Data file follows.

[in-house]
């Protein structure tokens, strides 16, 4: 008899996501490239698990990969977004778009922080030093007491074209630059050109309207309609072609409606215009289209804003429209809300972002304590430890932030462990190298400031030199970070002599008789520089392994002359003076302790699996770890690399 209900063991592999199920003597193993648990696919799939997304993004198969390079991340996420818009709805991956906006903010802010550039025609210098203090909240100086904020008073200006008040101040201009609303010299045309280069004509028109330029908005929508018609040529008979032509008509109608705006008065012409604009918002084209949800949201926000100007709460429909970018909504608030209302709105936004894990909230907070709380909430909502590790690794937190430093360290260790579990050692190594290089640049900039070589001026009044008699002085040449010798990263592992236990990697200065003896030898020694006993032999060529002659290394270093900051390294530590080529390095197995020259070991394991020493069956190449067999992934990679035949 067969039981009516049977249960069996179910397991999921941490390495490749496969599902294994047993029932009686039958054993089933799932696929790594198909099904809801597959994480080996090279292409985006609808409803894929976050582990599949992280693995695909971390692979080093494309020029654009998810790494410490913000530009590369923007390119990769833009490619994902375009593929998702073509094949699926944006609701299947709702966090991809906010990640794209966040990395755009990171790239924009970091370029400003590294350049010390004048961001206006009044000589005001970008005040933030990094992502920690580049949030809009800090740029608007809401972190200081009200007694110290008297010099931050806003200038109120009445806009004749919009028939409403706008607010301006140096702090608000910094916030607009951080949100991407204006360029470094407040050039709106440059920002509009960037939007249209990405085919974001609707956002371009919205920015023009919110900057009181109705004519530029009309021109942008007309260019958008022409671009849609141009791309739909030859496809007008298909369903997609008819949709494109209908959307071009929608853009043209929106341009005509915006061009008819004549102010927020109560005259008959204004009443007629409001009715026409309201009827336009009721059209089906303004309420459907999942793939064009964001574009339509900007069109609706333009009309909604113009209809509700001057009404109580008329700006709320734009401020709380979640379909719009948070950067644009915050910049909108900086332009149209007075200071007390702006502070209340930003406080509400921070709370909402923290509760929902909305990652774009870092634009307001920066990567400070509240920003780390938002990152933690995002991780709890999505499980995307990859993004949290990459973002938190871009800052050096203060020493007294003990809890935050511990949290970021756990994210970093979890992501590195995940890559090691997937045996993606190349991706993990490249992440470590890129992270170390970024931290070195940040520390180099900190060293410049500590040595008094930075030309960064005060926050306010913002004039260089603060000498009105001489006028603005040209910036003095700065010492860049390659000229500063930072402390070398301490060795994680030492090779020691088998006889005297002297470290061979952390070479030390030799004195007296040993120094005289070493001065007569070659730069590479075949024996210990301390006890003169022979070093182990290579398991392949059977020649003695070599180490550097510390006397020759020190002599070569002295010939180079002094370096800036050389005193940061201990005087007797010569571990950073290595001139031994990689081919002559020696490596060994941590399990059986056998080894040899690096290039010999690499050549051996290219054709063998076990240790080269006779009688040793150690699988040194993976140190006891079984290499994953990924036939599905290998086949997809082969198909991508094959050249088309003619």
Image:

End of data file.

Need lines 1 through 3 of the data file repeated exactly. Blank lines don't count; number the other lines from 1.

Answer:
[in-house]
């Protein structure tokens, strides 16, 4: 008899996501490239698990990969977004778009922080030093007491074209630059050109309207309609072609409606215009289209804003429209809300972002304590430890932030462990190298400031030199970070002599008789520089392994002359003076302790699996770890690399 209900063991592999199920003597193993648990696919799939997304993004198969390079991340996420818009709805991956906006903010802010550039025609210098203090909240100086904020008073200006008040101040201009609303010299045309280069004509028109330029908005929508018609040529008979032509008509109608705006008065012409604009918002084209949800949201926000100007709460429909970018909504608030209302709105936004894990909230907070709380909430909502590790690794937190430093360290260790579990050692190594290089640049900039070589001026009044008699002085040449010798990263592992236990990697200065003896030898020694006993032999060529002659290394270093900051390294530590080529390095197995020259070991394991020493069956190449067999992934990679035949 067969039981009516049977249960069996179910397991999921941490390495490749496969599902294994047993029932009686039958054993089933799932696929790594198909099904809801597959994480080996090279292409985006609808409803894929976050582990599949992280693995695909971390692979080093494309020029654009998810790494410490913000530009590369923007390119990769833009490619994902375009593929998702073509094949699926944006609701299947709702966090991809906010990640794209966040990395755009990171790239924009970091370029400003590294350049010390004048961001206006009044000589005001970008005040933030990094992502920690580049949030809009800090740029608007809401972190200081009200007694110290008297010099931050806003200038109120009445806009004749919009028939409403706008607010301006140096702090608000910094916030607009951080949100991407204006360029470094407040050039709106440059920002509009960037939007249209990405085919974001609707956002371009919205920015023009919110900057009181109705004519530029009309021109942008007309260019958008022409671009849609141009791309739909030859496809007008298909369903997609008819949709494109209908959307071009929608853009043209929106341009005509915006061009008819004549102010927020109560005259008959204004009443007629409001009715026409309201009827336009009721059209089906303004309420459907999942793939064009964001574009339509900007069109609706333009009309909604113009209809509700001057009404109580008329700006709320734009401020709380979640379909719009948070950067644009915050910049909108900086332009149209007075200071007390702006502070209340930003406080509400921070709370909402923290509760929902909305990652774009870092634009307001920066990567400070509240920003780390938002990152933690995002991780709890999505499980995307990859993004949290990459973002938190871009800052050096203060020493007294003990809890935050511990949290970021756990994210970093979890992501590195995940890559090691997937045996993606190349991706993990490249992440470590890129992270170390970024931290070195940040520390180099900190060293410049500590040595008094930075030309960064005060926050306010913002004039260089603060000498009105001489006028603005040209910036003095700065010492860049390659000229500063930072402390070398301490060795994680030492090779020691088998006889005297002297470290061979952390070479030390030799004195007296040993120094005289070493001065007569070659730069590479075949024996210990301390006890003169022979070093182990290579398991392949059977020649003695070599180490550097510390006397020759020190002599070569002295010939180079002094370096800036050389005193940061201990005087007797010569571990950073290595001139031994990689081919002559020696490596060994941590399990059986056998080894040899690096290039010999690499050549051996290219054709063998076990240790080269006779009688040793150690699988040194993976140190006891079984290499994953990924036939599905290998086949997809082969198909991508094959050249088309003619």
Image: